The Eternal said to Abram, “Go from your land and from your birthplace and from your father’s house to the land that I will show you.” The Jewish people’s journey begins with the opening of this week’s Torah portion. So much of Jewish history and imagery is tied up with homecoming and return from exile that we can easily overlook this beginning: Abram’s first move — and, by extension, our people’s — is to go into exile, leaving behind so much that was precious to him.
Leaving familiar places and the embrace of family out of necessity or in hopes of a new life was the story of so many of our parents, grandparents and great-grandparents, as well as of earlier generations. Surely many were sustained on their journeys by the faith, like Abraham’s, that they were not alone.
The Hebrew name of this portion, Lech-Lecha, suggests many possible journeys — physical, metaphoric and spiritual. The rabbis understood perfectly well that “Lech lecha,” in biblical Hebrew, means “Get (yourself) going!” But an ancient pun understands “Lech lecha!” as “Go yourself.” Rabbi Samson Raphael Hirsch, the 19th-century author of an important modern Orthodox Torah commentary, wondered if “lecha” means “by yourself.” The journey of spiritual exploration, mused Hirsch, is ultimately and essentially an individual one. To find one’s place in the world — where one truly “belongs” — a person must abandon the familiar and wander openly and freely. (This strikes me as “so not Jewish!” I need to expand my idea of what “Jewish” can be.)
Hirsch ultimately links Abraham’s “aloneness in the world” to the Jewish people’s historical separateness; Jews, collectively, he suggests, can never be fully part of the world. While Judaism has never endorsed withdrawal from the world as a spiritual practice, Hirsch wants to read the historical experience of Jewish separation and our non-acceptance by others as a necessary dimension of the Jewish religious quest. While this interpretation will no doubt resonate for some, I cannot take comfort in explaining historical prejudice as being spiritually uplifting.
Rashi, the most famous of the Jewish medieval commentators, reads “lecha” as “for you.” Get going, God tells Abraham according to Rashi, for your own sake. You cannot thrive here, to become who you are to be, you must leave. Later commentators understand this instruction as a response to both threat and opportunity. The instruction could mean get out of town because it’s not safe for you here — Abraham was an activist and, according to Jewish legend, neither his father nor the king welcomed his outspokenness. Alternatively, God’s challenge to Abraham was pointing out that to realize all he might yet become would require, in Martin Buber’s words, “ultimate stake.” Abraham’s journey began with an immense leap of faith, heading out to parts west, destination unknown. And does Abraham’s journey culminate when he settles in the Promised Land, or when he reaches what he later comes to know as Mount Moriah but which is first described as “a mountain I will show you” (Gen. 22:2)?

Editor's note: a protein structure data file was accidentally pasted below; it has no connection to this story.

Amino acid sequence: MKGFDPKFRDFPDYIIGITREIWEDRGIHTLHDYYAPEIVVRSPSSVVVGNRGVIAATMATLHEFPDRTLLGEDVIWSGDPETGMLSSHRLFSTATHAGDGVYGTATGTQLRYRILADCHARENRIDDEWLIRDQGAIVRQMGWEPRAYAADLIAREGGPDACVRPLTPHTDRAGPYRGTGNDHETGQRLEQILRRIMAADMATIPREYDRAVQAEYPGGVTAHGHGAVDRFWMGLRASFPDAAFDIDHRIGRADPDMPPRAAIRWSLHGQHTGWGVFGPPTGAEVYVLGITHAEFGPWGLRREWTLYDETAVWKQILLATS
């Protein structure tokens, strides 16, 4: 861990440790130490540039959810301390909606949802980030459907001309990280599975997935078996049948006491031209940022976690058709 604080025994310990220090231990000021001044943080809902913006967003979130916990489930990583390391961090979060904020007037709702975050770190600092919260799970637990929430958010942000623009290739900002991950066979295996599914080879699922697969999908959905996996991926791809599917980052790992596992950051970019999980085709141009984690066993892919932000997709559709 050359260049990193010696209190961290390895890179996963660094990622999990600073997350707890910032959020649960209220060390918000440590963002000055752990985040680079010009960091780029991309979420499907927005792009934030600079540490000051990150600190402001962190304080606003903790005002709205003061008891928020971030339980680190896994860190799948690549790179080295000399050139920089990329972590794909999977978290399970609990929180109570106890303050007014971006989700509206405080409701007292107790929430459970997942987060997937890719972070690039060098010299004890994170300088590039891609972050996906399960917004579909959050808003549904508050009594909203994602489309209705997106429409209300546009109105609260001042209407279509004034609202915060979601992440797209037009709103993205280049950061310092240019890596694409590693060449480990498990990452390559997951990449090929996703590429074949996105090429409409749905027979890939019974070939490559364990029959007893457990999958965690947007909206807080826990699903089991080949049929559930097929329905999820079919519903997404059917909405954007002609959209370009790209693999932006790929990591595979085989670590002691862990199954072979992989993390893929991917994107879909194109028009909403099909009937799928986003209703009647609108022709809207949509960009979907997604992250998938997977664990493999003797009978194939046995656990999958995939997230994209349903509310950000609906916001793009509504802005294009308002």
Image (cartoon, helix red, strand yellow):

The Hassidic commentators often map the Torah’s external narrative on the inner life of the individual. They suggest that “lecha” means “to you” — it’s not a physical or geographical journey at all, but an inner experience. The transformative encounter with the sacred is not dependent either on leaving the city or arriving at the mountain. Rather, the internal spiritual work is the most important part. This interpretation is consistent with the kabbalistic symbolism of aretz, “land” representing the soul. Thus, the verse could be understood as God saying: “Go deep within. By knowing your own authentic self, you will come to know Me.”
Another possible reading of these opening words is that they remind us of the deep, collective Jewish empathy for the immigrant and wanderer. An Ivri, a Hebrew, might mean “one who crosses over” and, as a people, we have vivid memories of closed borders, unsympathetic officials and the challenges of obtaining documentation. Abraham’s departure from home was necessary because he could not survive there any longer; a story repeated across the millennia and enacted today. For Jews, history generates responsibility. “Lech lecha! Get going!” God says, “Since you yourselves know the feelings of a stranger, for you also were strangers … ”
Rabbi Yoel Kahn is the senior rabbi at Reform Congregation Beth El of Berkeley. He can be reached at email@example.com.